Dunedin Venues Management Ltd's new chief executive, Terry
Davies, hopes sweeping changes will bring ''A-grade'' acts
to Forsyth Barr Stadium. Photo by Gerard O'Brien.
The new broom in charge of Dunedin's Forsyth Barr Stadium
says the venue can still find success by attracting more big
concerts and creating ''iconic'' events.
Terry Davies (53), an English-born former cricketer working
as an event and venue manager in Australia, started work as
Dunedin Venues Management Ltd's chief executive this week.
Mr Davies is the company's third chief executive in less than
two years, following David Davies and Darren Burden, and
arrives as DVML faces predicted losses totalling $3.8 million
over the next three years.
However, Mr Davies yesterday told the Otago Daily
Times he aimed to lift DVML's performance, including by
breathing new life into staff ''smashed'' by years of public
He would also sharpen the company's commercial focus and
encourage the community to be proud of their stadium, in part
by targeting more big concerts and creating new ''iconic''
events for the venue.
That work had already begun and DVML staff were negotiating a
possible ''A-grade'' concert for the roofed venue, Mr Davies
He would not be drawn on details, but said the concert - if
confirmed - would be bigger than Sir Elton John's 2011
''I'm talking about a performer, or an act, that will sell
out within three hours. It's an international act.''
And, despite past criticism of the stadium as a concert
venue, Mr Davies still saw a future for the roofed venue
hosting major acts.
It was ''realistic'' to hope to attract at least one A-grade
concert every year or two, while, at the next level down, he
planned to target more performers of the calibre of Sir Elton
or Neil Diamond.
''We can get them and we'd be aiming at getting as many of
those shows as we can.''
He also welcomed the Dunedin City Council's stadium review,
launched earlier this year, but said DVML's finances would
remain challenging as long as it had to pay $4 million in
rent each year to service stadium debts.
Unless ''common sense'' prevailed, he expected DVML's ''best
scenario'' would be a break-even result.
''We need to get that model right.''
His comments came after Mr Davies was confirmed as Mr
Burden's replacement last month, beating 45 other candidates
to secure an open-ended contract worth up to $225,000 a year.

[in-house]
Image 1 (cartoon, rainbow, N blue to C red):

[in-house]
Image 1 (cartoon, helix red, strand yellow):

And, after the departure of two DVML chief executives in
quick succession, Mr Davies said he would be in no rush to
He planned to buy a house once his wife - and possibly one of
his three adult children - joined him in the city in a few
''I'm committed to stay as long as the board want me here and
as long as I think there's a challenge here.''
Mr Davies had moved to Dunedin from Australia, where he
settled in 1986 after a career as a professional cricketer at
the Glamorgan County Cricket Club in Wales.
In Australia, he joined the Pacific Dunlop Group clothing
company, working for Bonds, before a 15-year stint with the
South Australian Cricket Association, which ran the Adelaide
He was the association's marketing, memberships and
commercial operations manager, as well as its deputy chief
executive, as the ground built a reputation for hosting major
events, including AC/DC, Pearl Jam and Fleetwood Mac concerts
and Ashes cricket tests.
In 2010, he transferred to Etihad Stadium, in Melbourne, for
a year-long stint as its commercial operations general
manager, responsible for venue membership clubs, corporate
hospitality and sponsorships.
He became the South Australian Tourism Commission's event
strategy manager in 2011, overseeing a strategic plan for
events and their commercialisation, before taking ''time
out'' to help his children launch a retail business.
Mr Davies said he was looking for a chance to move back into
venue management when the Dunedin opportunity emerged.
He was encouraged by the idea of tapping into a ''parochial''
region that would rally around big events, and the chance to
''What I like about here is we're a bit underdone. I think
there's an opportunity to do a couple of things.''
He was aware of the stadium's rocky history - ''everyone's
been beaten around the head by it'' - but wanted to encourage
the community to be proud of the venue.
He also hoped to meet long-time stadium critic Bev Butler as
part of a push to be more open and transparent.
DVML was responsible for a suite of venues including
Dunedin's town hall, which Mr Davies said was an
''unbelievable'' asset that was underutilised but had
''phenomenal'' potential for growth.
He hoped Dunedin could follow Adelaide's lead in creating
festival-style events, particularly with a large student
population on the stadium's doorstep.
Initial ideas included a festival of concerts around
Orientation Week, partnerships with the likes of the fashion
industry, or creating new events that could grow, he said.
''We'd love to build some iconic events ... whatever that is,
it's an in-your-diary event that's at Forsyth Barr
Terry Davies (53)
2011-12 South Australian Tourism Commission events
2010 Etihad Stadium (Melbourne) sales and marketing
2006-10 South Australia Cricket Association commercial
operations general manager and deputy chief executive.
1995-2006 SACA marketing and membership manager.
1994-95 Bonds clothing company business manager.
1992-94 Bonds special projects executive.1987-90 Bonds
major account executive.
1980-86 Glamorgan Country Cricket Club professional